Australian Aboriginal Art

Australian Aborigines have been employing the careful arrangement of soils and sands of different textures and colours to create pictures whose patterns and symbolism relate to the stories and myths of the Australian Aboriginal's ancestral tribal and cultural history - their Dreamtime. The Dreamtime is the sacred world of the tribe's ancestral spirits whom the Aboriginals regard as the creators of all living things.

Today there are many indigenous Aboriginal artists who work with convential western materials such as acrylics, canvas or board to create beautiful visual effects, at the cutting edge of modern art, but who have synthesised old traditional imagery to conventional techniques.

Australian Aborigines have survived for so many thousands of years, often in quite challenging and inhospitable conditions, and their huge success was predominantly due to the indigenous Aboriginal's inate ability to adapt, and it is the expression of that adaptability which we can clearly see in todays fabulous Australian Aboriginal art.

The Western Desert painters are a group of Australian Aboriginal artists who have adapted their tribal art forms to the western world but only with regard to the western materials and techniques which they employ, the subject matter remains tightly focused on the stories and imagery which was passed down to them by their tribal ancesters.

In Arnhem Land, the Aborigines or Yolngu, still live in the traditional way, hunting, fishing and performing ceremonies that can go from days to sometimes weeks.
Arnhem Land art is distinguished by the cross-hatching or 'raark' design. Often the works portray human or animal figures on them, they can be bold with certain repeating patterns and tell stories of the Dreamtime creation. There are many different communities in Arnhem Land who use the cross hatching style, albeit with some variation; the 'raark' work illustrates a unity between all that live in Arnhem Land and has a shimmering appearance when finely executed. Works are still painted in natural ochres & earth pigments, but when artists do use acrylic paint they are applied in the traditional earth pigment colours. Traditionally, women were not permitted to paint but were able to assist their husbands doing the more repetitious work. Today that has significantly changed and many women artists from this area are creating exquisite works for the art market. As Arnhem Land is located close to the sea there are many works depicting animals, fish and plants drawn from that area.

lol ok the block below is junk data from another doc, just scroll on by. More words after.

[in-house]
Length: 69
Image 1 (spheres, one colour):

The Tiwi of Bathurst and Melville Islands tend to paint vibrantly coloured crosshatched and dotted non-figurative designs. The Aboriginal designs are painted on bark baskets (tungas), carved ironwood sculptures and other cultural material which features in Pukumani mortuary ceremonies. Some early records still exist of white pipeclay paintings in bark shelters within that region.

Elcho Island, north east Arnhem Land, works are bold and strong. Cross-hatching can often fill the area and figures are painted in black. Red and black diamonds symbolise the Fire which was present during the Creation. It is said that Baru the crocodile, had his back burnt when he put the fire out and was left scarred with a cracked and rough skin.

Groote Eylandt bark paintings are highly distinctive in the way that figures are shown against a black background, more recent works have the background filled with crosshatched designs. Paintings show graphic depictions of animal totems, ceremony, creation narratives, geographical mapping and historical events which include the interaction with Maccassan traders. The Groote Eylandt artistic expression is very particular to that location and the art is not reproduced by any other Aboriginal group.

In Oenpelli, the Xray art depicts the internal organs of an animal, which not only provides anatomical tuition for the young but it also informs that all parts of the animal are equally important, and that those interwoven individual parts are collectively the whole!